Training Camp Notebook: Linebacker Na'il Diggs On The Mend

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Diggs To Return Sooner, Not Later

Linebacker Na'il Diggs expects to play in the Packers' first regular season game despite tearing a knee ligament during Monday's practice.

"I would like to be 100 percent going into Detroit," he said. "Right now, it's a very realistic goal."

The Packers will need him during the season. Linebackers occupy a crucial position in defensive coordinator Jim Bates' attacking scheme. Diggs has averaged 117 tackles the last three years. He also brings such versatility that Bates has not decided whether to start him at weakside or strongside linebacker.

The coaching staff was relieved that Diggs tore his MCL and not any cartilage or his ACL - injuries which would have required him to miss much of the season.

"It's not a surgical issue, which certainly is an advantage for us and for him," head coach Mike Sherman said. "I'm grateful for that."

During his six seasons with the Packers, the player nicknamed "Nails" has remained durable, suffering only a high ankle sprain in 2000 and a kidney contusion in 2004. He cited his current injury as the worst of his career.

"This one takes the cake as far as pain and injury goes," he said.

On Monday, Diggs feared the worst after he became entangled in a pile. His leg went numb for several minutes after injuring his knee. But now he can concentrate on healing.

"I'm feeling better," he said. "It's just a matter of letting it rest."

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Holding For The Perfectionist

Football is a game of inches, or one-sixteenth of an inch in the case of a perfectionist like kicker Ryan Longwell.

Such a small increment on the holder's ball placement can make the difference between a succesful and botched field goal.

"It's got to be just dead on perfect for the ball to fly straight," he said.

Quarterback Craig Nall and Punter B.J. Sander will alternate preseason games as they hold for Longwell. Throughout camp the kicker has repeatedly called the second-year punter the team's best holder. But Thursday's preseason game versus the San Diego Chargers will present an excellent evaluative opportunity.

"He's the head of the class," he said. "The thing is I need to see him when he's under the gun."

Nall improved his holds during training camp but suffered a setback against the Bills, which the Packers will try and fix.

"He's so much better and so much smoother than he was in the minicamps," Longwell said. "But when we got him in the scrimmage, all of the sudden it became a little herky-jerky."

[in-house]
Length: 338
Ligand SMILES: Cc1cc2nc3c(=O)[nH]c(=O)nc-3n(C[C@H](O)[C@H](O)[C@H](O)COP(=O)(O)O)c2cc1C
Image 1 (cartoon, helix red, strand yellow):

For that reason Longwell is glad to be the Packer's only kicker in training camp. It allows him ample opportunity to hone his timing with the holder.

The hold is very important especially when Lambeau Field's wintry weather creates difficult kicking conditions.

"In warm weather, you can get away with a lot more," Longwell said. "In here with this grass, this wind, and this field and this temperature, it's got to be just flat perfect to be able to have the success rate we've had."

Longwell nailed 24-of-28 field goal attempts last year and 206 of 250 for his career.

Sherman asked Longwell, who he jokingly referred to as his favorite player, whether all kickers demand such perfection.

"All the ones that are accurate," he responded.

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Linebacker Has High Expectations For Team

Linebacker Ray Thompson signed with the Green Bay Packers as a free agent because of the team's talent level.

"If we get all of that together," he said, "We'll be knocking on the door for the Super Bowl."

Thompson never made the playoffs in his five previous seasons with the Arizona Cardinals. However, he impressed the Packers' personnel staff in a 2003 contest against Green Bay. He racked up eight solo tackles and recovered a fumble during a 20-13 Cardinals victory.

Thompson, who missed last Tuesday's practices with a swollen knee, was already taking snaps with the first unit before Na'il Diggs sprained his knee. Now his role will increase.

But the six-year veteran has started 54 games in his career. He's more concerned with winning than receiving playing time, and that's why he chose the Green and Gold.

"We've won the division three times," he said. "What more can you ask for?"

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Quick Hits The Packers went through a walk through during Wednesday's practice. The session lasted just over an hour and featured drills at half speed and no contact.

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